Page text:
The Reivers: New Zeitgeist, Same Band

By Michael Corcoran. Musician, no. 111, Jan. 1988 p10(1).

When the Austin, Texas band Zeitgeist was forced to change their name- a Minneapolis new-age choral group owned the rights- they chose to call themselves the Reivers, after the book by William Faulkner. And many Austin scenesters had a good laugh. One club advertised an appearance by the Reivers and under it, in parentheses, questioned “the Reivers????” Singer/guitarist John Croslin couldn’t go out without people asking him “what’s a reiver?” (Scottish for “ruffian”) and why he chose that name (“I like the book”). Everyone loved that Croslin, a perfectionist whose pain-in-the-ass stories are legion, had made an irreversible mistake.

But when the band took the stage for the first time with the new handle, Croslin walked right up to the microphone and announced, “We’re the Reivers, okay?” Then he quickly led the mixed- doubles group into “Baby.” Within moments the scene aped the aura of a Zeitgeist gig, with wall-eyed liberal arts majors in baseball jerseys basking in sketchy lyrics colored with broad harmonies and tacked down by a black beat. The Reivers had made their point; Zeitgeist by any other name would sound as sweet.

Though the name change held up the release of Saturday, their major-label bow, and diminished their recognition factor, the Reivers are a tough bunch who know that the music-biz fandango goes two steps forward, one step back. After Translate Slowly found favor with critics and college radio DJs, Zeitgeist toured extensively to packed clubs along the eastern seaboard. Just as it appeared that they were on their way to Deli Platterville, singer/guitarist Kim Longacre got pregnant and dropped out. Her heavenly voice in tandem with Croslin’s gruff murmur is such a big part of the band’s sound that Longacre proved irreplaceable. After seven months of group setbacks, Longacre returned and Zeitgeist picked up as if she had just gone out for coffee.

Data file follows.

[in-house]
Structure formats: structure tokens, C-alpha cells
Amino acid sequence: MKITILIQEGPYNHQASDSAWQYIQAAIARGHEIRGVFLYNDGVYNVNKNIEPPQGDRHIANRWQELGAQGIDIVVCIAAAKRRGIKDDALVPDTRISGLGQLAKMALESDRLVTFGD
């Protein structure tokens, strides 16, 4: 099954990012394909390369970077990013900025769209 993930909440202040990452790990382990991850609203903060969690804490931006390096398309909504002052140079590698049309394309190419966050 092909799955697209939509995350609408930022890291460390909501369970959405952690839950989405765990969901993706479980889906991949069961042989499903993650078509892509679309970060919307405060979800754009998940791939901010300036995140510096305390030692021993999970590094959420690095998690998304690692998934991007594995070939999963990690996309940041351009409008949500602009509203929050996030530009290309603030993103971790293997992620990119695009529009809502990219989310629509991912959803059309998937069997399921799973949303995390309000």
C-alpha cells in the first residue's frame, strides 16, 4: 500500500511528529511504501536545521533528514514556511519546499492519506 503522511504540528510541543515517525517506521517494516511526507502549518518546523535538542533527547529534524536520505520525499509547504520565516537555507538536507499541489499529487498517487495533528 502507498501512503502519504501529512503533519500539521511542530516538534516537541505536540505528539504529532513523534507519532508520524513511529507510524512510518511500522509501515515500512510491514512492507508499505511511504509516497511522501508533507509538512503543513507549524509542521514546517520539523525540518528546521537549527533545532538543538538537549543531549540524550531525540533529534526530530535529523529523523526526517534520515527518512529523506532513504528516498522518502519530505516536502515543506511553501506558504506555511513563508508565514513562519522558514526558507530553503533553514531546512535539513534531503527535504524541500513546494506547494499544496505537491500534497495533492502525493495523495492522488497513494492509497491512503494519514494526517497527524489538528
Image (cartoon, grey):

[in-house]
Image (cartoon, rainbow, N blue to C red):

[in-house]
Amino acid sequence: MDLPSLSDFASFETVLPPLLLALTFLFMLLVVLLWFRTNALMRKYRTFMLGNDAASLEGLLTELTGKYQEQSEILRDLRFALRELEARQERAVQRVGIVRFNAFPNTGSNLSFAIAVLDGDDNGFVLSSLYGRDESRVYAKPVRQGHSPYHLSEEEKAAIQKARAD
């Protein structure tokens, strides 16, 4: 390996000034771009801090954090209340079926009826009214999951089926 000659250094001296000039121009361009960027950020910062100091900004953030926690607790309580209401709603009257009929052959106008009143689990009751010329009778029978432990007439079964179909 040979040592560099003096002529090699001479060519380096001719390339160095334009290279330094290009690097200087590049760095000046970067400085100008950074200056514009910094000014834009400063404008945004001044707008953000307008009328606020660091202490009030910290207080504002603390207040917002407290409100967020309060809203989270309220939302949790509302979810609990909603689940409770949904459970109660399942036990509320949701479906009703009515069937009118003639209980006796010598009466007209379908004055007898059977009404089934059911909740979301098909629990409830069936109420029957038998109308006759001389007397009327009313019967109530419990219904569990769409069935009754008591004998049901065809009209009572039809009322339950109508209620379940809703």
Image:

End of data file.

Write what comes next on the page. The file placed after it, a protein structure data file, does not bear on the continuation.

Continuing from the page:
They forged ahead on their second LP for the indie label, but also shopped the finished tape to the bigs. A Capitol A&R rep liked what he heard and worked out a deal to distribute the record. Before long producer Don Dixon was en route to Austin to guide the material once more through the boards.

The resulting album by the Reivers will not surprise Zeitgeist fans. The drums are fatter and the vocals cleaner than on Translate Slowly, but the overall sound is indelibly the work of Croslin, Longacre, Cindy Toth and Garrett Williams. They’re the Reivers, okay?